This is a subject that lends itself to sensation and psychic baloney. It's astonishing how many people believe New Age notions, which have the attraction of allowing believers to confer supernormal abilities on themselves and others without the bother of plausibility. Eastwood's film will leave such people vaguely uneasy. It believes most psychics are frauds. It supposes one who seems to be the real thing, but what, exactly, is he real about?

This is a film for intelligent people who are naturally curious about what happens when the shutters close. Eastwood tells three primary stories. The stories meet at the end, in one of those coincidences so beloved by multiple-strand movies. Is this possible? Yes. Is it likely? No. A coincidence never is. That's why we notice them. Throughout the film, the characters behave in ways that seem reasonable enough, and possibilities are left open, which is as it should be. We must live the lives we know and not count on anything beyond the horizon.

"Hereafter" stars Matt Damon as George, a man who sincerely believes he's able to have communication with the dead, but has fled that ability and taken a low-profile job; Cecile de France as Marie, a newsreader on French television; Bryce Dallas Howard as Melanie, a young cooking student with a fearful dark place inside; Richard Kind as a man mourning his wife; and Frankie and George McLaren as twin brothers, one of whom is struck by a truck and killed.

I won't describe here the traumatic surprises some of them experience. In the surprises as in everything else, "Hereafter" is believable. There are terrifying events, but Eastwood handles them not for sensation but to show how close we all are, at any moment, to oblivion. In the case of Marie, she undergoes the near death experience we often hear reported, with the white light and the figures. Are people in such a state already dead, or are they experiencing visions generated by the human mind in its final shutdown mode?

The powers of the Damon character seem to be authentic, although what they prove is hard to say. There is a moment handled with love and delicacy in which he says something that is either true or isn't, but is a kindness either way. When he holds a stranger's hands he experiences a flash of telepathic insight, but the movie never declares that his insights literally come from dead spirits.

Eastwood and his actors achieve a tone that doesn't force the material but embraces it: Not dreamlike, but evoking a reverie state. These characters are not hurtling toward the resolution of a plot. There is no "solution" to their stories. There are various degrees of solace, or not. They don't punch the dialogue. They lack the certainty to impose themselves. George in particular is reserved and sad, because his power has become a burden to him.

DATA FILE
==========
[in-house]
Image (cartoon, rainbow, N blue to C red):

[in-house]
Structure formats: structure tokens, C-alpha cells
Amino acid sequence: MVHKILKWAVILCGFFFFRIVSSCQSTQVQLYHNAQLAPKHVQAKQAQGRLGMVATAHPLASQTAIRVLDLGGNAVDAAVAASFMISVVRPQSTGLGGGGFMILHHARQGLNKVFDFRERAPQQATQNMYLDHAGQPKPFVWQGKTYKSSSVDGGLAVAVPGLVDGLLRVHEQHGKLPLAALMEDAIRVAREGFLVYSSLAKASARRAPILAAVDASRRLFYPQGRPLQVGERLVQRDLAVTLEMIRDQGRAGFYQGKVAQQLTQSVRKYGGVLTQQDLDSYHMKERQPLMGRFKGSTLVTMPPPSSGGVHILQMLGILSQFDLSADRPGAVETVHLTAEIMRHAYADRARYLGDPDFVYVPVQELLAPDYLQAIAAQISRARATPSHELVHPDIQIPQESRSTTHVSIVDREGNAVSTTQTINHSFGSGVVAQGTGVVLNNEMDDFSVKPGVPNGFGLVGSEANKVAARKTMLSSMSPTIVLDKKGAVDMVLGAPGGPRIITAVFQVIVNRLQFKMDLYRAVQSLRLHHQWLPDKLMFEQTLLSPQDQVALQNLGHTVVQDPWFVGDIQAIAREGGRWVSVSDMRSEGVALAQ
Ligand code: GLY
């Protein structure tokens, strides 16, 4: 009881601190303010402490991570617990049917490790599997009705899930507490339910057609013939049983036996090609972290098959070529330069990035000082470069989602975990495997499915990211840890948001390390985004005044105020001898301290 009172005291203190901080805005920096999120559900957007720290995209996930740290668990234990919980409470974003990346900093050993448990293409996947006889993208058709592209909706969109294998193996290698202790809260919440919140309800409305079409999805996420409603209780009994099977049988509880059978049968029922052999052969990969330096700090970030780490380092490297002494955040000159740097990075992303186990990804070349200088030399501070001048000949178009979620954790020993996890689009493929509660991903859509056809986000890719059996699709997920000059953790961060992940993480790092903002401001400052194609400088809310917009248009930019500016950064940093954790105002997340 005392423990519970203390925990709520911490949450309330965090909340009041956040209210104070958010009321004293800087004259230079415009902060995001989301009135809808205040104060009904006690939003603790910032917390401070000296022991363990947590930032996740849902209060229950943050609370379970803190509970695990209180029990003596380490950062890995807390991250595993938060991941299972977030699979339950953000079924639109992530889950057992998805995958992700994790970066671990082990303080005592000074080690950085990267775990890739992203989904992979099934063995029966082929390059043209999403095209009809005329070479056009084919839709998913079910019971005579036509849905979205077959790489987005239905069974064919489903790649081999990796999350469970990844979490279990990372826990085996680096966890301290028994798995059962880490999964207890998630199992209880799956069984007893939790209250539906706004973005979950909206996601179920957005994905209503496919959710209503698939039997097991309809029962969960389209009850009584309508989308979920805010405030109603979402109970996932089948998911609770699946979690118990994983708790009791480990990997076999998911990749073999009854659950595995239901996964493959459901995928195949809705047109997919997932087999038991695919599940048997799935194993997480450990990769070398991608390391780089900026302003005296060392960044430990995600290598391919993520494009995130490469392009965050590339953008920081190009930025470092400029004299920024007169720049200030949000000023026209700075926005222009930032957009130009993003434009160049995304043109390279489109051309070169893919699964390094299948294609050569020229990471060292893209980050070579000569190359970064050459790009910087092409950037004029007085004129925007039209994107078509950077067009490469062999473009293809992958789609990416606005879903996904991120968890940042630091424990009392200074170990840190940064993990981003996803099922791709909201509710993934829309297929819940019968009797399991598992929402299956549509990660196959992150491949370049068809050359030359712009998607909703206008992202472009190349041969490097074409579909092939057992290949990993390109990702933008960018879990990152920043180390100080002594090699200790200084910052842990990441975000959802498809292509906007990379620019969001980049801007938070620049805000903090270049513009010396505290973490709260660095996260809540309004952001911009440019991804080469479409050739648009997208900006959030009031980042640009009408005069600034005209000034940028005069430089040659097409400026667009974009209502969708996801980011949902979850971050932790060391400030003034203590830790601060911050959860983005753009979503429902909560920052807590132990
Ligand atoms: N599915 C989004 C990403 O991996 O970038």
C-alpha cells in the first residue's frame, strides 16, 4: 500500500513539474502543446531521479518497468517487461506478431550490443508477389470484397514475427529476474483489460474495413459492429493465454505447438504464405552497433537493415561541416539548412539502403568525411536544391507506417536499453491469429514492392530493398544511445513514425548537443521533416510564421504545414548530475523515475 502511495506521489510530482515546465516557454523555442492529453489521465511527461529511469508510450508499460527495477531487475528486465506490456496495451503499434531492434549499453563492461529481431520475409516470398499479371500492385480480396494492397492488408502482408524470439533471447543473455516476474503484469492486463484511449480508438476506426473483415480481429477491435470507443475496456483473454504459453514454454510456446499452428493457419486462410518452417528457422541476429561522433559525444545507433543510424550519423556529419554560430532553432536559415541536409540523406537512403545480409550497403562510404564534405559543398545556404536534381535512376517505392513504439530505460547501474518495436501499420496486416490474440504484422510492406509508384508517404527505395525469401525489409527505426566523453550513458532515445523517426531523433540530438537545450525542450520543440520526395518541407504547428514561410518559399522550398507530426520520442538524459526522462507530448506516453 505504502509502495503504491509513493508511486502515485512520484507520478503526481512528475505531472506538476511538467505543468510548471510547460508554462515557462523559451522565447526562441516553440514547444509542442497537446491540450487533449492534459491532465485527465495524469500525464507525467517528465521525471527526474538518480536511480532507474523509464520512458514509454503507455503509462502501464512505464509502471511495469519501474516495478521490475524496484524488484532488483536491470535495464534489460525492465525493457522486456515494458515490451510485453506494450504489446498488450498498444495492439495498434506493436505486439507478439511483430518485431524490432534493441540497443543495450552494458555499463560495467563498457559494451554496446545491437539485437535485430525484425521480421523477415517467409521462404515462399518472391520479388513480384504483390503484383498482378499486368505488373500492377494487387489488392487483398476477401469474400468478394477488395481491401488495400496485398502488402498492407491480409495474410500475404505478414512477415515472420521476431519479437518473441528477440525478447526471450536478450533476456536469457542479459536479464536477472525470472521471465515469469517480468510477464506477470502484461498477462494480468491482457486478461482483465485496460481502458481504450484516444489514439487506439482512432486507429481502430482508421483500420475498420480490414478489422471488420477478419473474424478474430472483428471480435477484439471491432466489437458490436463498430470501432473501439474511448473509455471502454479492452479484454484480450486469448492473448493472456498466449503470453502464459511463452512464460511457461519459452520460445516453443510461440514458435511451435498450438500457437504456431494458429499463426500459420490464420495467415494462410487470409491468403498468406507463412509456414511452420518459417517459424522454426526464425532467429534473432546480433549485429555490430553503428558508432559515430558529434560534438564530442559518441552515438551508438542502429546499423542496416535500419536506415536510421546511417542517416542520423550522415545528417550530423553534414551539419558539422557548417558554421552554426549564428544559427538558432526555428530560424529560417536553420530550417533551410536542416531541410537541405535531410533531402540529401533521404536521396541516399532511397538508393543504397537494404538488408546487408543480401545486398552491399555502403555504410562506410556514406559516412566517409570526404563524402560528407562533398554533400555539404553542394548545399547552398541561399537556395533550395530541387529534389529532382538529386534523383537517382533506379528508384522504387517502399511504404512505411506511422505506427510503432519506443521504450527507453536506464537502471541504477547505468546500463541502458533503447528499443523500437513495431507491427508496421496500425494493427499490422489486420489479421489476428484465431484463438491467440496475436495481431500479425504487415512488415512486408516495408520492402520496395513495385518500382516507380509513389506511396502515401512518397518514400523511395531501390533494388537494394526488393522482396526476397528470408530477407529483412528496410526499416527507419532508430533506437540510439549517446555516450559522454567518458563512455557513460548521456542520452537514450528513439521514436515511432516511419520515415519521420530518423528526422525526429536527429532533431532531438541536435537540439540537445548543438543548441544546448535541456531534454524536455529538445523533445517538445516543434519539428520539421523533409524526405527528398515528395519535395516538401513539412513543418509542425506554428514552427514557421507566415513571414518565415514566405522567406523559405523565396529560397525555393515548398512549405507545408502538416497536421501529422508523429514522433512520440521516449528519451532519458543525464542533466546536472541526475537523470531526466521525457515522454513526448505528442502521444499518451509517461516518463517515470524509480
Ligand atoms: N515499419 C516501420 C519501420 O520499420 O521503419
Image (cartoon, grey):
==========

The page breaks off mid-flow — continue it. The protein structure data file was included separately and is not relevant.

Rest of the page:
There's a sweet subplot involving Melanie (Howard), who he meets as a partner in a cooking class. She has experienced loss. George doesn't want to enter her mind. He yearns for a normal life. The ability to read minds would be an unbearable curse. The way his gift affects their relationship is stark and poignant. Marie, the newsreader, is played by Cecile de France in such a fresh and likable way that our sympathy is engaged and we understand that whatever happened to her in the first terrifying scene has fundamentally changed her. Frankie McLaren, as the solemn and earnest little boy seeking his dead twin, takes a character that could have been bathetic and makes him simple and transparent. And notice Richard Kind, so affecting as a man who has lost his wife.

The movie is an original screenplay by Peter Morgan ("The Queen"). Eastwood told me Morgan doesn't believe in an afterlife. I don't know if Eastwood does, either. His film embodies how love makes us need for there to be an afterlife. It is the film of a man at peace. He has nothing to prove except his care for the living.

Friday, October 22, 2010

RED

This would have been a hell of a cast when we were all younger. “RED” plays like a movie made for my Aunt Mary, who was always complaining, “Honey, I don't like the pictures anymore because I don't know who any of the actors are.” If the name Ernest Borgnine sounds familiar, here's the movie for you.